As the effects of coronavirus change with almost bewildering speed, the new Bank Of England governor Andrew Bailey has asked firms to think twice before firing people because of the coronavirus pandemic.
Instead he is urging them to step back and look at what help is available to them, saying: “Come and talk to us or the government before you take that position.”
Many firms are already cutting staff as they are faced with an uncertain future as the crisis continues to grow.
Mr Bailey said his ‘big message’ is: “we will be there to support your needs.”
He was responding to a series of questions about what might happen to the economy as the virus continues to spread.
He was asked: “What is your message to a boss right now facing plunging customer revenue, massive uncertainty and hovering over a computer mouse deciding whether or not to click and fire people or not pay people? Are you telling them to hold off?”
He said: “I think my message is exactly that. Stop and look at what’s available.
Look at what the government’s doing. Look at what the Bank Of England is doing. We’re working in close co-ordination.”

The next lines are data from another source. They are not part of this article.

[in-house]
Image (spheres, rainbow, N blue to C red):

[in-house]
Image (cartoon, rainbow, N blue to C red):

“Look at what’s available. Come and talk to us before you take that decision because supporting companies and enabling companies to support their workforces is critical here.”
Pushed to the edge
A growing number of firms like airlines, retailers, restaurants, theatres, cinemas and pubs have been warning they are being pushed to the edge as people are limiting themselves to everything but essential personal contact.
Chancellor Rishi Sunak has promised £350 billion of loans and other aid to support struggling firms.
When he was asked if the subsidies would be available to firms which had already fired personnel Mr Bailey said there were ‘important discussions’ going on between those companies and the Treasury.
He added: “Supporting the employment and income of the people in this country is critical.”
Economists are predicting that the help being offered in the form of tax cuts and extra spending is going to have an effect on government borrowing.
They are predicting the Bank Of England will start to buy up tens of billions of pounds more of government debt.
Mr Bailey would not comment on the possibility other than to say: “This is a crisis we’re all in. It’s an emergency situation.”
Acknowledging that the future remains uncertain for the world’s financial markets he said it was his ‘strong preference’ that they remain open though he was keeping ‘a very close eye on their stability’.
He also had a strong warning for City traders not to try to ‘exploit’ the situation by aggressively betting on the value of specific companies continuing to fall in the current situation.
He warned: “Anybody who says, ‘I can make a load of money by shorting’. which might not be frankly in the interest of the economy, the interest of the people, just stop doing what you’re doing.”